Epidemiological, phenomenological, and treatment aspects of trauma and posttraumatic stress disorder in children and adolescents

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dc.contributor.advisor Emsley, R. A.
dc.contributor.advisor Stein, D. J.
dc.contributor.author Seedat, Soraya en_ZA
dc.contributor.other University of Stellenbosch. Faculty of Health Sciences. Dept. of Psychiatry.
dc.date.accessioned 2008-07-29T08:14:37Z en_ZA
dc.date.accessioned 2010-06-01T08:16:52Z
dc.date.available 2008-07-29T08:14:37Z en_ZA
dc.date.available 2010-06-01T08:16:52Z
dc.date.issued 2005-12 en_ZA
dc.identifier.uri http://hdl.handle.net/10019.1/1266
dc.description Thesis (PhD (Psychiatry))--University of Stellenbosch, 2005.
dc.description.abstract Many gaps remain in our current state of knowledge about the epidemiology, phenomenology, neurobiology, and psychopharmacology of posttraumatic stress disorder (PTSD) in children and adolescents. Empirical evidence, particularly in non-Western settings, is sparse and there is little convergent understanding of the interrelationship of epidemiological factors, PTSD symptom expression, full and partial syndromes, disorders comorbid with PTSD, and pharmacotherapeutic interventions. Clinicians are faced with the difficult task of treating this often complicated and debilitating disorder in youth in the absence of data from well-controlled clinical trials. The studies detailed here are a point of departure for understanding the confluence that exists between epidemiological, phenomenological, and pharmacotherapeutic aspects of adolescent PTSD. Two studies were conducted to investigate the prevalence and effects of violence exposure and PTSD, clinical and functional correlates of full and partial syndromes, and associated gender differences in school and clinic samples, respectively. Two preliminary open-label trials assessed the efficacy and safety of a selective serotonin reuptake inhibitor (SSRI) in adolescents with at least moderate severity PTSD. The results indicate that (i) partial PTSD is a common nosological entity in adolescents, (ii) gender-related differences in PTSD, even if not manifest in differences in prevalence (i.e., in the rates of trauma exposure and full and partial PTSD), may well manifest in symptom expression (i.e., higher symptom burden in girls), associated morbidity, and functional impairment, and (iii) SSRIs may be effective in treating core PTSD symptoms in this age group. While not yet demonstrated, the partial subtype may have similar biological underpinnings to full PTSD in adolescents and may benefit from similar pharmacotherapeutic interventions. This is an area deserving of further investigation. Controlled SSRI data are needed to establish if these should be agents of choice for paediatric PTSD. en_ZA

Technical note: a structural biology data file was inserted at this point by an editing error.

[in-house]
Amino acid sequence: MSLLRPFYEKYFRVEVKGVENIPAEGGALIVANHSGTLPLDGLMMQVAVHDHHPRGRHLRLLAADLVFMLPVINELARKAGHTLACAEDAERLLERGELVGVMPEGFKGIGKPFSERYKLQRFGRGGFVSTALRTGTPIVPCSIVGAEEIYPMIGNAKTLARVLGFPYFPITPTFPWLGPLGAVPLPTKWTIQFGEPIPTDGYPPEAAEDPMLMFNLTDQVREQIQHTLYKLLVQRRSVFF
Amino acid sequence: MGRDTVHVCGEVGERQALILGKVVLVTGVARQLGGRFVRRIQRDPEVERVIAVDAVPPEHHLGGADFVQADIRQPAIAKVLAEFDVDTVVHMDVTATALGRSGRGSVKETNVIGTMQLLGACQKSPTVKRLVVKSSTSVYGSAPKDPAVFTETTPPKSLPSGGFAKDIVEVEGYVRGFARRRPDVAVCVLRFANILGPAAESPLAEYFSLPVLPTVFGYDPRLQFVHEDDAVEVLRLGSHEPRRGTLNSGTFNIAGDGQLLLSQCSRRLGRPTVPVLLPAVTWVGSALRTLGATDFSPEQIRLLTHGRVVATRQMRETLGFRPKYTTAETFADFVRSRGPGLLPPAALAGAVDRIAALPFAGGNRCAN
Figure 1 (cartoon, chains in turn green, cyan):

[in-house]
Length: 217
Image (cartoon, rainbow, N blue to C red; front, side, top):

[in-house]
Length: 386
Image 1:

dc.language.iso en en_ZA
dc.publisher Stellenbosch : University of Stellenbosch
dc.subject Post-traumatic stress disorder in children -- Treatment en
dc.subject Post-traumatic stress disorder in adolescence -- Treatment en
dc.subject Psychic trauma in children -- Treatment en
dc.subject Psychic trauma in adolescence -- Treatment en
dc.subject Dissertations -- Psychiatry en
dc.subject Theses -- Psychiatry en
dc.title Epidemiological, phenomenological, and treatment aspects of trauma and posttraumatic stress disorder in children and adolescents en_ZA
dc.type Thesis en_ZA
dc.rights.holder University of Stellenbosch


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